As I reread this book and inevitably become my own critic
and historian, I see that a brief history of my critical education may
help the reader understand how I came to work the way I do and
what it is that unites the essays collected here.
Like nearly everyone of my generation I began studying liter-
ary history and philology in the traditional way. As an undergradu-
ate in the 1960s my desire was to know as much as possible about
literature, which meant learning literary history and reading as
many of the major and minor works as time allowed. Knowing
literature then was a largely unproblematic process, organized by
the diScipline ofliterary history. Shocked into bilingualism by ex-
ile, I
had become enthralled with language and language learning
and had picked up French and Italian in addition to my Spanish
and English. These were the four traditions to which I devoted
myself with unremitting passion. I thought it proper to cover the
entire range of each of those literatures, which appeared to me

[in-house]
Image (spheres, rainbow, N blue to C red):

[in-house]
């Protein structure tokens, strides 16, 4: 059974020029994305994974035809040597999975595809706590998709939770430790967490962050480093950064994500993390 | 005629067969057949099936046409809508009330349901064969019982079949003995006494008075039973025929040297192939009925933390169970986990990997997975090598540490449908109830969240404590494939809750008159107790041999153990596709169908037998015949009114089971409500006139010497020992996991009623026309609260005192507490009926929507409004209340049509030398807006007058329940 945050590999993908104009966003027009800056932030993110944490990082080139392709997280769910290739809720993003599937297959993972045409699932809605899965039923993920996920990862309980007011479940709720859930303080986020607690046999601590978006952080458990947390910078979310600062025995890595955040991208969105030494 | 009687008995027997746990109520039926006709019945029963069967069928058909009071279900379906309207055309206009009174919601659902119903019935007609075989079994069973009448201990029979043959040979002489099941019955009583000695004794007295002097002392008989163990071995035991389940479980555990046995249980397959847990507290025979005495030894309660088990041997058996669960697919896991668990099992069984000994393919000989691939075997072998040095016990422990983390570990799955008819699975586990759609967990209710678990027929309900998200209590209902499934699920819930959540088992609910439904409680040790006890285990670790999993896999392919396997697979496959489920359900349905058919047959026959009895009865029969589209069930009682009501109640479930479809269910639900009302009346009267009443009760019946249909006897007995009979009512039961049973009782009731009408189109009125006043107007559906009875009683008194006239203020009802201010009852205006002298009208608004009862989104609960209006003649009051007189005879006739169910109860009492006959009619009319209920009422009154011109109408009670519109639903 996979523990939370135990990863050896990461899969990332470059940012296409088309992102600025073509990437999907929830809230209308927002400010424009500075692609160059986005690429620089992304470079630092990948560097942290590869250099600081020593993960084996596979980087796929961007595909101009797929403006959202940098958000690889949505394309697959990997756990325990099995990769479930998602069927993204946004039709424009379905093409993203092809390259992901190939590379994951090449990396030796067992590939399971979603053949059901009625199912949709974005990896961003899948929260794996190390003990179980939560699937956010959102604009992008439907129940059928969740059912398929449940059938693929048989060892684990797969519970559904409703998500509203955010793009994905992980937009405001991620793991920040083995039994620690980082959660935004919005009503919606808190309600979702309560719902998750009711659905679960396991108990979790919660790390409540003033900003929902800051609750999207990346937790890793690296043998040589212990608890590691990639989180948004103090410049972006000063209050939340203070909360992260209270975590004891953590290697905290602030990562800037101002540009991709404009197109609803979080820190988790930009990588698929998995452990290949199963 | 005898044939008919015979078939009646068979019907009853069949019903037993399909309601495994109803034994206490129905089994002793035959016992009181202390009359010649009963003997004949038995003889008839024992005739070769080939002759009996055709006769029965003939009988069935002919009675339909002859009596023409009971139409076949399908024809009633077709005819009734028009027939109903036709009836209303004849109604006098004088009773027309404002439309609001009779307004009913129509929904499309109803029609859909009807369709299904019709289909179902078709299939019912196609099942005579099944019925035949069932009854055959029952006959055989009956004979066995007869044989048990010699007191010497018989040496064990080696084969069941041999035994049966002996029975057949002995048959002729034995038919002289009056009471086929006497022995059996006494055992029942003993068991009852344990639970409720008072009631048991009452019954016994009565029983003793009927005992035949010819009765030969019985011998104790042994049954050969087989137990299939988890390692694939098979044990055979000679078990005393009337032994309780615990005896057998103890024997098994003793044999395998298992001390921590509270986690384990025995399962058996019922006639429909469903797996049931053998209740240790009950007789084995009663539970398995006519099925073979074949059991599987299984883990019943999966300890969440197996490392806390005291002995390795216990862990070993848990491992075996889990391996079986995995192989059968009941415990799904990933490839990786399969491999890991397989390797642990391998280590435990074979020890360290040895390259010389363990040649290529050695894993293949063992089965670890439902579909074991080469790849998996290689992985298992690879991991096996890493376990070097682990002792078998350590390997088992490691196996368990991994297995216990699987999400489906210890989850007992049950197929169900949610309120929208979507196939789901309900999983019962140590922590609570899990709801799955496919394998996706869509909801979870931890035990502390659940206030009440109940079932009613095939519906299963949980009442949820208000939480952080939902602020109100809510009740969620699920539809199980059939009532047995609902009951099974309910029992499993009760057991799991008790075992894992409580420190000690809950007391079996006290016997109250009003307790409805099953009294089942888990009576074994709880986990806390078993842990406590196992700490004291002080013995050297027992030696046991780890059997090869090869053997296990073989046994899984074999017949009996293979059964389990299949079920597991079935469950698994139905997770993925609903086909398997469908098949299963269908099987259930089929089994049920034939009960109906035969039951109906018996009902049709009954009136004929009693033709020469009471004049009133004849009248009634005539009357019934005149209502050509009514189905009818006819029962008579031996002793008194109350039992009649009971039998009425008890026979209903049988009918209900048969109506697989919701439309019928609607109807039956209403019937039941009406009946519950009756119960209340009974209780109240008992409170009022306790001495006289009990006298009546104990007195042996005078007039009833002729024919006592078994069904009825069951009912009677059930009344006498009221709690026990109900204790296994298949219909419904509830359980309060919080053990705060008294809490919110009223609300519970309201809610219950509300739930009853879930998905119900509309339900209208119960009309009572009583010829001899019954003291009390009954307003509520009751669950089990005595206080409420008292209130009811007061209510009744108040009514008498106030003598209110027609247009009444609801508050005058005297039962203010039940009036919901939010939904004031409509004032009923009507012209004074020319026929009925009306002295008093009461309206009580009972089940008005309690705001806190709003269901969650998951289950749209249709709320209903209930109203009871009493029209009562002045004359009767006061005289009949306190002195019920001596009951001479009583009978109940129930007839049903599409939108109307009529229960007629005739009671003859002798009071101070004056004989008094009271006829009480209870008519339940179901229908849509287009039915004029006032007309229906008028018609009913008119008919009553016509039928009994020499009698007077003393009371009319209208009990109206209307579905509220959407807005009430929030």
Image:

like parallel buildings, with a foundation in the Middle Ages, ris-
ing up through the Renaissance, the Enlightenment, Romanticism,
and the Modem Era. There was no question but that the mod-
ems did not measure up to the classics, and less attention was
devoted to them. Latin American literature barely entered into
the picture then, and the most modem Spanish author we read
was Federico Garcia Lorca. I absorbed a good deal of Menendez
y Pelayo, sometimes diluted in other historians, and much Lan-
son, pressured by a French professor who thought his history
of French literature should simply be known by rote. In Italian
my professors harked back to even earlier eras of pedagogy. In
their classes one read Dante word by word and was forced to
memorize whole
The fare was heavy on Petrarch, Boccac-
cio, with some Manzoni. But no modem poetry. There was no
question of engaging in much interpretation of the works by these
authors, which were incommensurate monuments, to the under-
standing of which one made discrete contributions at best. It was
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